Partition types, or as Apple refers to them, partition schemes, define how the partition map is actually organized on a hard drive. Apple directly supports three different partition schemes: Apple File System (APFS), Mac OS Extended, and also MS-DOS (FAT)\ExFAT. With all the three different partition maps available, that one should you use when you format or partition a hard drive? In this article, we are going to talk about Guid Partition Map – Apple Partition Types. Let’s begin!
What Is a Partition?
The fixed-sized subset of a disk drive treated as an individual unit by the operating system (in our case macOS) is actually defined as a partition. On each and every drive, there are multiple partitions, and for this, you will need a partition table or partition map. That is maintained by the operating system to detail the status of the partitions as well.
GUID Partition Map
This is actually a standard for the layout of the partition table on a storage disk through using globally unique identifiers (GUIDs). As a part of the Unified Extensible Firmware Interface (UEFI) standard, GUID is actually a bootable standard for systems with EFI firmware. Such as macOS. Non-Intel Macs won’t support this bootable standard, thus the only option available to them is the Apple Partition Map (APM) actually.
Apple Partition Map
Used on disks formatted for use with 68k and PowerPC Macs, the Apple Partition Map is actually the scheme that defines how the data is organize. Starting with OS X Tiger, both APM and GUID partitions we can use to access volumes. However, PowerPC-based Macs can only boot from APM disks. While Intel-based Macs generally boot from a GUID Partition Table as well. They are all able to start the operating system from APM and also Master Boot Record (MBR) through using the BIOS-Emulation called EFI-CSM.
Apple File System (APFS): The primary file system used by macOS 10.13 or later also. It is actually the default file system for macOS. There are many types of APFS.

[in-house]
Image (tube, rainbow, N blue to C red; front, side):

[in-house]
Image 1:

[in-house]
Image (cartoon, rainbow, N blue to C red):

APFS: Uses the APFS format.
APFS (Encrypted): Uses the APFS format and also encrypts the partition.
APFS (Case-sensitive): Uses APFS format and also has case-sensitive folders and filenames.
APFS (Case-sensitive, Encrypted): Uses APFS format, has case-sensitive folders and files names, and encrypts the partition as well.
Mac OS Extended: This file system is used by macOS 10.12 or earlier also. Within Disk Utility, it has also 4 different modes as well.
Mac OS Extended (Journaled): Uses the Mac format Journaled HFS Plus to safeguard the integrity of the hierarchical file system (HFS) as well.
Mac OS Extended (Journaled, Encrypted): Uses the Mac format, encrypts the partition, and needs a password.
Mac OS Extended (Case-sensitive, Journaled): Uses the Mac format and also has case-sensitive folders.
Mac OS Extended (Case-sensitive, Journaled, Encrypted): Uses the Mac format, has case-sensitive folders, encrypts the partition, and needs a password as well.
MS-DOS (FAT) and ExFAT: These are file systems use along with Microsoft Windows.
ExFAT: This is used for Windows volumes that are 32 GB or less in size as well.
MS-DOS (FAT): This is used for Windows volumes that are more than 32 GB in size.
Selecting and Changing the Partition Scheme | guid partition map
Open the Disk Utilities, located at Go > Utilities.
In the list of devices, choose the hard drive or device whose partition scheme you want to change. Make sure to select the device and not any of the underlying partitions that may be listed.
Choose Partition. Disk Utility will show the volume scheme currently in use.
Choose the + (Plus sign) that is under the volume graphic.
Select Format in order to select one of the available schemes.
Then enter a name for your new partition in the Name field.
Select a size for your new partition by either entering a number in Size or through moving the resize control on the graphical picture as well.
Choose Apply when you are satisfied with your settings.
At the confirmation screen, then choose Partition.
Disk Utility will then begin the partitioning process. If you wish to see what it’s actually doing, then select Show Details.
It will then ask you if you want to use the partition for a Time Machine or not. You can Decide Later, Use as a Backup Disk, or also if you have another use, then choose Don’t Use.
Then select Done to finish.
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